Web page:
And there are 49 Foundation Stock Service Breeds which is a class for the very rare breeds that are not or may not ever be in a position to apply for full recognition. It is the AKC's way of helping breeders of these dog to establish the documentation they need, which is pretty good thing on their part. This is the class where you find dogs most people have never heard of: Estrela Mountain Dog, Catahoula Leopard Dog, and Treeing Tennessee Brindle.

I don't agree with firefly that the crossbreeding "fad" that has produced labradoodles, golden doodles and all sort of "oodles" and "ugs" is going to pass any time soon. People like novelties and to the extent these novel cross-breeds (neither hybrids, nor designer) can at least be said to provide special characteristics, e.g. the temperament of a lab and the (hyped) hypo-allergenic qualities of a poodle, I think they will continue to have a market. The real trend in breeding is in keeping with a move we see elsewhere in the culture: the promotion or development of very rare breeds and the re-establishment of breeds that while they can't be considered extinct have essentially disappeared. This sort of "artisan" breeding though is not likely to have a major impact unless somehow someone resurrects the "perfect" breed.

As for allergies, the majority of people with do allergies are allergic to the dog's dander (dead skin) or saliva. No matter what coat type a breed has they all have dander. One would think that a short or wiry haired breed would be the best choice for allergy sufferers, but shih tzus and yorkies are touted for being "hypoallergenic" and both have long hair. On the other hand, there are short haired dogs like bulldogs and boston terriers that are problematic. In their cases though it is probably because of their excessive slobbering. Also, your dog's hair can attract allergens like dust (or more accurately, dust mite feces) and pollen, so if you are looking for a "hypoallergenic" dog, it's important to know precisely what allergens cause you problems so that you can make a somewhat educated choice.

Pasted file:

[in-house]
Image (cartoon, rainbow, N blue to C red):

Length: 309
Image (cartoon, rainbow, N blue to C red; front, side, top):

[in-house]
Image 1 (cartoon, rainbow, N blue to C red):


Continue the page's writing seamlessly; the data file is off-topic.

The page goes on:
If you're allergic to dog saliva, you don't want a dog that's always licking you but I don't think any breed is known for excessive or minimal licking, and you won't be able to tell if you're buying a puppy because they all lick. The reason being that it is an instinctive behavior designed to trigger regurgitation of food from their mothers. Think of that the next time your dog licks you.

Finally, I saw an interesting show on TV that said that dogs that run feral and interbreed over a number of generations eventually produce offspring that look strikingly alike, no matter where the populations develop, and your dog is a spitting image for that “breed.” So if your dog isn’t a Chinook, it looks like an example of a “purebred breed” all its own, the one that all dogs would eventually belong to if humans stopped messing with their gene pool.
Reply Sat 27 Sep, 2014 12:55 pm
@Finn dAbuzz,
I'm nodding along to what you said there re breeding and so on, including about allergies - saliva and certainly dander is a fair part of the problem.

I'm an allergic type anyway, damn it, but react much more to cats, which I happen to like a lot and have lived with sometimes, just putting up with sneezerama for their company (my husband had kitten associates when we moved in together, and we had cats off and on. Yes, I had shots.) On dogs - I wasn't very allergic to our Venice (CA) shepherd mix, was allergic to our foundling irish setter, was not very allergic to my walking the highway corgi, and also not very allergic to my shepherd (gift), Katy. Of all the dogs I've milled around with, that one friend's poodle was tops in sneeze promotion.

I didn't have pets as a child - not until my own at around age thirty - and figure that is also a part of it, as I've read that early exposure to antigens, dirt, and so on, can actually be a good thing. No links, for now.
0 Replies
Reply Sun 28 Sep, 2014 07:29 am
Anyone dress the pooch up for Halloween, I just bought a few outfits for my pooch and they are so cool.

Bobby G.
Reply Sun 28 Sep, 2014 09:01 am
0 Replies